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Spokane, Washington  Est. May 19, 1883
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Ask Doctor K: Hydrocephalus, or water on the brain

Anthony L. Komaroff M.D.

DEAR DOCTOR K: My father had been showing signs of dementia for a few months. We thought it was Alzheimer’s disease, but it turned out to be hydrocephalus. What is this, and how is it treated? Does it cause permanent damage?

DEAR READER: Hydrocephalus is a condition in which extra cerebrospinal fluid collects inside the brain. Cerebrospinal fluid acts as a cushion for the brain and spinal cord. It also supplies nutrients and removes waste products.

Cerebrospinal fluid flows in a space between the outer layer of the brain and the skull. It also is found in small “lakes” inside the brain called ventricles, and in a space around the spinal cord. It is the fluid surrounding the spinal cord from which doctors take a sample when they perform a “spinal tap.” The fluid is made in the brain. At about the same rate as it is made, some of the fluid leaves and enters the blood to travel elsewhere in the body.

In most people, the amount of fluid inside the ventricles remains mostly constant during adult life. In people with hydrocephalus, the ventricles expand.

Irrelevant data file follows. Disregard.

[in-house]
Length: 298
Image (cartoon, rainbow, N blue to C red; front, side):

Your father most likely experienced a type of hydrocephalus known as normal-pressure hydrocephalus. It can result from head trauma, bleeding in the brain or inflammation of the membrane covering the brain.

People with NPH can develop dementia; they may lose bladder control. They walk with difficulty and tend to fall.

To make a diagnosis, a doctor will use CT or MRI to look for enlarged ventricles in the brain. Next, the doctor will remove fluid with a spinal tap.

If NPH is causing the problems, removing the fluid will lead to a temporary improvement in symptoms.

To treat the condition permanently, a surgeon will implant a tube (called a shunt) that drains excess fluid from the brain. The shunt is inserted into a ventricle through a hole in the skull. It is tunneled under the skin and carries the fluid into another area of the body, where it can be absorbed. It is possible to reverse the effects of NPH, particularly if the problem is treated early. Hopefully, your father will have a good response to the treatment.

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